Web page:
It's interesting to see a whole new field being born as we watch.




6 comments:

  1. It occurs to me that 3d printing with metal injection molding material (MIM) could have possibilities.

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  2. Bluetooth adjustable breast implants to match your outfit/mood/partner! Also serve as a pillow speaker.

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    1. Now THAT idea has serious merit. GENIUS!

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  3. I hate to burst your bubble, but this field has been around for years; the only new thing is the use of 3D printing techniques is making it "cool".
    As Ecclesiastes says, there is nothing new under the sun - but all too many writers and publicists don't check to realize that the field or achievement already exists.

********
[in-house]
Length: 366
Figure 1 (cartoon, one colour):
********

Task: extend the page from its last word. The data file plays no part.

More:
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    1. With all due respect, "yes, but..."
      (1) I started off mentioning a 6 year old video linking 3D printing with self-organizing systems (now called 4D printing), so that's acknowledging this wasn't born yesterday. And
      (2) combining existing ideas with 3D printing is what this whole thing is about. Synergy and all.

      There isn't much that's done with additive manufacturing that just can't be done with subtractive techniques, maybe nothing, so the question is if we can be more productive (save money, make more of them) with additive techniques.

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  4. For example, automatically adjusting engine inlets for airplanes were first developed for the B-70 bomber in the 1960's - WHAT is being done is the same; HOW it is being done is slightly different.